Germaine Alexandra November 26, 2017 worksheets
To summarize: math worksheets don’t teach, teachers teach. Of course, there is a place for math worksheets. After some instruction has occurred, math worksheets can provide extended practice and support development in fluency, provided the teacher is engaged with students as they work. Teachers who are effective at grouping students can use math worksheets as a springboard for discussions, discovery, and communication. So the next time you do a search for curriculum materials, skip the worksheets. Instead, consider resources that provide interactive experiences or consider sites that provide students with challenging problems. These sites will more likely engage students, foster discussion, and build a true understanding of the purpose and joy of learning math. Lauri Susi has over 20 years experience as a classroom teacher in grades pre-k through high school. Throughout most of those years, she taught at the university level as well, and she continues to hold a university post today. Lauri has a masters degree in special education and educational technology. She is an expert in matters involving students with special needs, students who struggle, and the strategic use of technology within school districts. She has co-directed a research project on fractions software for upper-elementary students, and has co-directed the implementation of a large-scale research project on technology to teach math to second grade students. Lauri is an excellent teacher-trainer and consultant to district administrators. She lives in Orlando, Florida.
Although preschool workbooks are popular, many parents like the convenience that is associated with printable preschool worksheets. The only problem with printable preschool worksheets is that they can use up a lot ink, especially if the selected preschool worksheets are in colored ink. To save yourself money and printer ink, you may want to search for preschool worksheets that are in black and white. If you are unable to find black and white preschool worksheets that you like, you can still go for the colored ones; however, you may want to consider adjusting your printer settings. Instead of having them print off in colored ink, you may want to adjust your settings to gray scale. This will save you a considerable amount of money and printer ink, especially in the long run. Doing this can also create an additional activity for your child, as you can have them color all the pictures themselves.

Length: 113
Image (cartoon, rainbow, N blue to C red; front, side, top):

2. Math worksheets don’t promote critical thinking. Math worksheets rarely ask students to think critically or creatively. They usually present multiple examples of the same problem type with the hope of reinforcing a skill or procedure. They do not challenge students to use higher order thinking skills such as comparing, analyzing, deducing, and synthesizing. These skills are built through activities in which students discover concepts, explore ideas, test a hypothesis, solve a problem, and discuss their thinking with their peers. Exploring concepts and problems in many different ways builds interest and promotes critical thinking. 3. Math worksheets don’t promote communication and collaboration. Math worksheets are often assigned as an independent activity, however research indicates that communication and discourse are needed to build a deep understanding of math topics. Students need opportunities to explore mathematical ideas in different ways and to build their own connections. This involves communicating their ideas, listening to the ideas of others, arguing a viewpoint, describing, and explaining. Math worksheets are rarely used as a catalyst for conversation. Instead of assigning worksheets, find activities that encourage discourse, such as ”number talks,” or collaborative group work. During the session, be sure to require students to explain their thinking and listen to the strategies and thinking of their peers. If you are fortunate enough to have an interactive whiteboard in your classroom, using it with interactive math software creates many opportunities for group discussion and student participation. Teachers can can begin by posing problems and modeling approaches, and then ask students to work together to find solutions. Then have them come to the board to demonstrate their solutions in front of the class. These days, many examples of how to teach math concepts on an interactive whiteboard can be found online in the various whiteboard community sites, educational sites, YouTube, etc.